It’s coming into our common knowledge that vulnerability is an act of courage. No longer do we find vulnerability to be weakness as we have so long been conditioned to believe it to be.
But we often don’t know what that looks like. The idea makes sense, somehow it lands, but…what does it mean to be courageously vulnerable?
In my work with both women and men, the first step has almost always revolved around one practice. This practice, when entered with love, courage, and strength, is the only thing that I have ever seen that dissolves the walls around our heart.
The practice is this: Any time you notice anger, defensiveness, criticism, frustration or any other emotion that comes up and keeps you from openness and love…
First: Feel how it is there to protect your heart, honor its service in protecting you until this point, and let it know it is no longer needed.
Next: Find the hurt, fear, softness and tenderness that is being protected. If you need to, ask the anger or other protective mood, “What are you protecting me from feeling?” Fear, blame, anger, aggressiveness, criticism, and defensiveness are the protectors of, and detractors from, your soft vulnerability.
Then: Allow yourself to feel the soft, vulnerable hurt. Care for that hurt part of you deeply. Give it space. Allow yourself to be hurt. This is where the courage comes in. You will want to run from the pain by going back to anger or your other protective mechanism. But you are courageous now in a new way. You have the courage to face your hurt, your pain, and the real you underneath your protective shell.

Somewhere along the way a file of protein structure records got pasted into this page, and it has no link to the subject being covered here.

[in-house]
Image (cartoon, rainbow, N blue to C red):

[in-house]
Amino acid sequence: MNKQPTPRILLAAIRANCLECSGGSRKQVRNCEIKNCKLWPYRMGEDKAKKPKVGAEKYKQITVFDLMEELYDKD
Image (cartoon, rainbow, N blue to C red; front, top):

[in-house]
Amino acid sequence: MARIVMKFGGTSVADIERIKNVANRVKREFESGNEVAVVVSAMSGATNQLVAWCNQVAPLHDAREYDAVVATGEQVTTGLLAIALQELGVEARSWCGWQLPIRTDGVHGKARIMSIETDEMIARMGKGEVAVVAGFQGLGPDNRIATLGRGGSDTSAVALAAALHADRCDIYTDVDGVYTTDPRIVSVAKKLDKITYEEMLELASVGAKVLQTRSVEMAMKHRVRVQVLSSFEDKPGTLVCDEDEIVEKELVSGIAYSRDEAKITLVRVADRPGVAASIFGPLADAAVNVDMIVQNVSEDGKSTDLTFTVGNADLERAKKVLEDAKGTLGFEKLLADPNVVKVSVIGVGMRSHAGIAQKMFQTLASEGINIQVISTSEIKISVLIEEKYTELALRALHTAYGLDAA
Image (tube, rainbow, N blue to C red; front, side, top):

Finally: Sit with it. Take some time to lay down. I often do this for up to a couple of hours, feeling the pain in my body, letting go of the story in my mind, and allowing memories from when I was younger and how these wounds came to be, to flow through me freely. After it has been given the space it needs, it will subside.
If you have a partner you love and trust, and who also loves and trusts you, you can also be in this vulnerable space with them. Some partners may need to be asked “Is it ok if I go into the softness of my pain with you?” And some will be able to move with you right into that.
You will likely have to do this many times, depending on how deeply your wounding resides within you. It is ok. To feel hurt, to allow yourself to really be with your pain rather than to avoid it with a protective shell of anger and defensiveness and blame and story, that is what it means to be a true warrior of and for your heart.
Note: If you are in a physically, mentally, sexually, or emotionally abusive relationship, you may need to protect yourself from your partner using your old tools to set proper boundaries for yourself first. Always protect yourself, first. And, when you’re in a safe space, with your partner or not, only then allow yourself this practice.